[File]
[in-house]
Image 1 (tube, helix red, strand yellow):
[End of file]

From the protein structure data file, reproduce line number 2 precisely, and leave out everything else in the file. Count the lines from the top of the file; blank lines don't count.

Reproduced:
Image 1 (tube, helix red, strand yellow):